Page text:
Worship ; as atheists at their dying hour 
Call, what they cannot name, an unknown power, 

As ignorantly did I crave. 
Thus when 
Things not yet known are coveted by men, 

Our desires give them fashion, and so 
As they wax lesser, fall, as they size, grow. 10 

1. 17. Lansd. MS., 777, Wounds 

1. z8. Lansd. MS., 777, whiU 

1. 19. Lansd. MS., 777, our lives 

1. a6. Lansd. MS., 777 omits the second refrain 


But, from late fair, 
His highness sitting in a golden chair 

Is not less cared for after three days 
By children, than the thing which lovers so 
Blindly admire, and with such worship woo ; 

Being had, enjoying it decays ; 
And thence. 
What before pleased them all, takes but one sense. 

And that so lamely, as it leaves behind 
A kind of sorrowing dullness to the mind* ^o 

Ah, cannot we. 
As well as cocks and lions, jocmid be 

After such pleasures, unless wise 
Nature decreed — since each such act, they say, 
Diminisheth the length of life a day — 

This ; as she would man should despise 
The sport. 
Because that other curse of being short, 

And only for a minute made to be 
Eager, desires to raise posterity. 30 

Since so, my mind 
Shall not desire what no ipan else can find ; 

I'll no more dote and run 
To pursue things which had endamaged me ; 
And when I come where moving beauties be, 

As men do when the summer's sun 
Grows great, 
Though I admire theur greatness, shun their heat. 

Each place can afford shadows ; if all fail, 
'Tis but applying worm-seed to the tail. 40 



Stand still, and I will read to thee 
A lecture, Lore, in Love's philosophy. 

These three hours that we have spent, 

Walking here, two shadows went 
Along with us, which we ourselves produced. 
But, now the sun is just above our head, 

We do those shadows tread. 

And to brave clearness all things are reduced. 
So whilst our inhnt loves did grow, 
Di^uises did, and shadows, flow, lo 

From us and our cares ; but now 'tis not so. 

That love has not attained the highest degree,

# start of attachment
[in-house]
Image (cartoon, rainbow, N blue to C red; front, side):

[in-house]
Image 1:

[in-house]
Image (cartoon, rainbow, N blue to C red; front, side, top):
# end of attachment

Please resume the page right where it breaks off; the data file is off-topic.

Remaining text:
Which is still diligent lest others see. 

Except our loves at this noon stay, 

We shall new shadows make the other way. 

As the first were made to blind 

Others, these which come behind 
Will work upon ourselves, and blind our eyes. 
If our loves faint, and westwardly decline, 

To me thou, falsely, thine 20 

And I to thee mine actions shall disguise. 
The morning shadows wear away, 
But these grow longer all the day ; 
But O ! love's day is short, if love decay. 

Love is a growings or lull constant light. 
And his short minute, after noon, is night 

1. 9. 1669, Iffve 





If her disdain least change in you can move, 

You do not love. 
For when that hope gives fuel to the fire, 
Yon sell desire. 
Love is not love, but given free ; 
And so is mine ; so should yours be. 


Her heart, that weeps to hear of others* moan, 

To mine is stone. 
Her eyes, that weep a stranger's eyes to see, 

Joy to wound me. 10 

Yet I so well affect each part, 
As — caused by them — I love my smart 


Say her disdainings justly must be graced 

With name of chaste ; 
And that she frowns lest longing should exceed, 
And raging breed ; 
So her disdains can ne'er offend, 
Unless self-love take private end. 

1. 3. So Z669 ; Z635, the hope 


"Tislore breeds love in me» and cold disdain 

EjUs that again, 20 

As water canseth fire to fipet and fiune. 
Till all consume. 
Who can of love more rich gift make, 
Than to Lore's self for love's own sake ? 

I'll never dig in quarry of an heart 

To have n» part, 
Nor roast in fieiy eyes, which always are 
Who this way would a lover prove. 
May show his patience, not his love. 30 

A frown may be sometimes for physic good. 

But not for food ; 
And for that raging humour there is sure 
A gentler cure. 
Why bar you love of private end, 
Which never should to public tend ? 


Send me some tokens, that my hope may live 
Or that my easeless thoughts may sleep and rest ; 

Send me some honey, to make sweet my hive, 
That in my passions I may hope the best 

L 24. So 1669 ; 163s, Than to Icve self for love's sake 
1650, Than to love self-love for l^e's sake 
1. 27. So 1669 ; 1635, rest